As 2012 begins to unfold, we are still waiting for buds to push in most vineyards.  Rain the next two days will keep minimum temperatures above freezing, but unsettled weather in the coming week will likely present some near freezing temperatures, and frost conditions when the skies clear.



With the tease of Spring for a couple weeks in early February, it’s not difficult to think Winter is over and done.  But God has a way of letting us know he is still in charge.

April 1, 2010. Snow Cap on Mt. St. Helena.

Snow in San Francisco!! Perhaps on Friday or Saturday that could happen.  I am expecting to see snow ringing the Napa Valley by the weekend, but that is still only the end of February.  In 2010 we had a snow cap on Mt.  St. Helena on April 1st, and it wasn’t an April Fools joke.

The good news for now, is that the vines are still dormant, although it won’t take more than a couple of days at 75 degrees to see buds start to pop into this years new growth.

You may have seen a lot of  vines in the Valley this year with “long haircuts”.  Our Cabernet was “long” pruned a month ago, leaving canes 12 to 14 inches long.  Just as we see signs of bud swell this spring, we will go back into the vineyard and “finish” prune the vines, selecting the spurs to remain for this year’s crop.

Wicker Vineyards Cabernet Vines Waiting For Final Pruning Cuts

This buys us a couple of benefits.

First, it allows us to make the finish cuts just as the shoots start to grow.  Without all the long brush to pull from the canopy, there is no danger of breaking off the tender new buds.  This gains us as much as a week or ten days of frost protection by delaying the bud break.

Secondly, this practice helps us control Eutypa fungus infections.  The free fungus spores are released by rainfall, and infect the vine through the fresh pruning cuts.  When we make the final cuts, any early, wet season infection by Eutypa spores is trimmed off before it has a chance to work its way into the main structure of the vine.  This is a great example sustainable practice farming, preserving vine health without the use of chemicals.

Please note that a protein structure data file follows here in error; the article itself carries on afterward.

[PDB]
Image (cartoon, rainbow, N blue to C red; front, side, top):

First Signs of Spring

Spring is just around the corner.

The daffys always give us a look at some of the first spring color.  Next weekend we will “spring” ahead as we enter daylight savings time so that we can start waking up in the dark again!

We have held off pruning our Cabernet until the last minute, but finished it this weekend.  Many of you have seen the process, but for those who haven’t, here is a short video clip of one vine being prepped for the season.  This is one of the most important steps in each growing season, as it not only sets the potential for the crop level, but determines the shape of the vine for years to come.  Notice the skillful thought and care that goes into each cut.  There is something therapeutic about the “clip, clip, clip” of the pruning pace.   It kind of puts us  “at one with the vine”.

You will notice that the canes being removed are being piled in the row behind the pruner. When we are finished, we will pick up all the small brush piles, carry them out of the vineyard, and mulch them for compost.  Two years from now, this compost will be returned to the vineyard rows to help with moisture retention and weed suppression.